He regularly instructs Counsel, and has appeared at a number of Local Plan examinations and in Section 78 and other appeals where he has often given evidence.  He carries out much land promotion work and has a strong track record of delivering planning consents taking projects through their entire process from site identification to construction on site.  

Away from work, Colin is Chairman of the Cambridge Forum for the Construction Industry and of the Cambridge branch of networking group, Interact.  He is also Chairman of the Dining Rights Committee at the Hawks’ Club, a sporting club in the City for Cambridge University sportsmen. He is a regular, if poor golfer, a keen cyclist and a committed, but somewhat less dangerous skier than he once was.

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Matthew has acted for a wide number of Landowner Clients including:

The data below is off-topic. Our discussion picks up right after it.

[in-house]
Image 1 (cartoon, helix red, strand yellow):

• Royal Estate Sandringham
  • Crown Point Estate
  • Cecil Family Trust
  • Greene King Plc
  • North Hertfordshire College
  • Cemex
  • May Gurney
  • Pigeon
  • Advice, marketing, disposal and additional tranche disposal of 1,500 unit Residential Development in Grantham.

Project team principle for disposal of the NHC Centre of the Arts, Hitchin, securing a Development Partner and assembling a professional team to progress an application, sale and disposal of a principal asset within the College’s portfolio 

Mathew has over 29 years' experience in the property industry and has been directly involved Residential Development in East Anglia since 1998. He specialises in Land Disposals and Acquisition; Strategic Land, Promotion and Option Agreements. He has acted for a wide range of private and public sector land owners companies including Greene King, Royal Estate Sandringham; Grant Thornton, Pigeon, Crown Point Estate, Cemex (formerly RMC), The Diocese of Norfolk & Norwich and North Hertfordshire College as well as private land owners across the region.

He is Head of Residential Development at the Cambridge Office.

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Steven is Partner and Head of Planning Southern Region and is based in our Oxford office.